The Yom Kippur service should therefore give us pause as we approach Yom Kippur. What happens with the two identical goats could very well happen with us. Yesterday, you could have two people who are indistinguishable in their service of Hashem, and we’d have no idea where they’ll end up. However, on the single day of Yom Kippur, their lottery is cast. One for the staff, and one for loving kindness. Just like the fate of the goats was undetectable, and only Hashem knew where they would end up, so too those who stand before Him on Yom Kippur. It’s not evident where they will end up. Who will be for Hashem? Who will, G-d forbid, not be for Hashem? He knows our thoughts, who actually repented with sincerity and with their whole soul. Who will come close and cling to Hashem our G-d, such that they will have lasting life and good days? Let’s take advantage of this awesome day. Let’s take control of our lot.
Gemar Chasimah Tovah
 Based on Be’er Yosef to Leviticus 16:5-10
 Leviticus 16:5,8,9
 Yoma 6:1
 Although, the mishnah clarifies that this is only the ideal. Ex post facto if they weren’t identical, the service is still accepted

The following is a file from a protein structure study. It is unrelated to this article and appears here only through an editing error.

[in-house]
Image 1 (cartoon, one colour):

See Rashi to v. 10, Yoma 6:6, and ibid 67b
 See the Be’er Yosef, who also addresses why, unlike all other offerings, the sanctity of the goat for the offering is determined by the lottery itself, and not the declaration of the Kohen that it should be an offering (Yoma 40b)
 Ibid 66a
 See ibid 6:6
 See Proverbs 16:33
 Yoma 86b
 Berachos 34b. The Be’er Yosef connects the concept of תשובה מאהבה making זדונות into זכויות with the idea of בעלי תשובה standing where צדיקים גמורים can’t. He’s not the first to do so. It’s also suggested by the Chida in his Kisvei Dovid Derush L’Shabbos Shuvah § 13 s.v. נמשך מזה and Devarim Achadim Derush L’Shabbos HaGadol § 14 s.v. אך לטעם המפרשים. It’s also suggested by the Dubna Maggid in his Kochav Ya’akov Haftaras Vaeschanan to Isaiah 40:2. It also seems to be the understanding of the Chasam Sofer in his Toras Moshe I to Leviticus 13:2
 See Yoma 8:8 and Mishneh Torah Hilchos Teshuvah 1:3
 See Avos 4:2
 See the note of the Be’er Yosef’s son, who beautifully connects this piece to an essay by Rav Yitzchak Blazer, a primary student of Rav Yisroel Salanter, in Ohr Yisroel Kochavei Ohr § 5